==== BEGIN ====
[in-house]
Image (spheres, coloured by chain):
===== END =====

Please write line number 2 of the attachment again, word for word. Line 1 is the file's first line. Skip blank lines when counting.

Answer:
Image (spheres, coloured by chain):